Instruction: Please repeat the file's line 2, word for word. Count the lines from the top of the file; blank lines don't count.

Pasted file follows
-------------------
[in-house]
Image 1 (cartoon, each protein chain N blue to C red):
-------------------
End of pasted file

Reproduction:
Image 1 (cartoon, each protein chain N blue to C red):